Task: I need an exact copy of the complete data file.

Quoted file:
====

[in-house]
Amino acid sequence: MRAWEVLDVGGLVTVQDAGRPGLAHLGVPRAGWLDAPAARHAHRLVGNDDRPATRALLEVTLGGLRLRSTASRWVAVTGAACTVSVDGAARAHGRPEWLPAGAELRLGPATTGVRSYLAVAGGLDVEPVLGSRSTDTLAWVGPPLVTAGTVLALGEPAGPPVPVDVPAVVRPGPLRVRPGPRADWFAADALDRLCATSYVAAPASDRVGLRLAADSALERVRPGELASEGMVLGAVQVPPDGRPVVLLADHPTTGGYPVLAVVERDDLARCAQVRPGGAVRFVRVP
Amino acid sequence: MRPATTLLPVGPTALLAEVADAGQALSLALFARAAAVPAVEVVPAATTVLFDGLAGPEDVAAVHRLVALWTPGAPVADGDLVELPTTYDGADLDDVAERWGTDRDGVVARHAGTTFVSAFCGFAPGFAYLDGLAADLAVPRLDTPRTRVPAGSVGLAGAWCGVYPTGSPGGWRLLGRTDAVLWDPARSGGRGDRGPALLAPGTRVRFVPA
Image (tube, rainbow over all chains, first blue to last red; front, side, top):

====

[in-house]
Amino acid sequence: MRAWEVLDVGGLVTVQDAGRPGLAHLGVPRAGWLDAPAARHAHRLVGNDDRPATRALLEVTLGGLRLRSTASRWVAVTGAACTVSVDGAARAHGRPEWLPAGAELRLGPATTGVRSYLAVAGGLDVEPVLGSRSTDTLAWVGPPLVTAGTVLALGEPAGPPVPVDVPAVVRPGPLRVRPGPRADWFAADALDRLCATSYVAAPASDRVGLRLAADSALERVRPGELASEGMVLGAVQVPPDGRPVVLLADHPTTGGYPVLAVVERDDLARCAQVRPGGAVRFVRVP
Amino acid sequence: MRPATTLLPVGPTALLAEVADAGQALSLALFARAAAVPAVEVVPAATTVLFDGLAGPEDVAAVHRLVALWTPGAPVADGDLVELPTTYDGADLDDVAERWGTDRDGVVARHAGTTFVSAFCGFAPGFAYLDGLAADLAVPRLDTPRTRVPAGSVGLAGAWCGVYPTGSPGGWRLLGRTDAVLWDPARSGGRGDRGPALLAPGTRVRFVPA
Image (tube, rainbow over all chains, first blue to last red; front, side, top):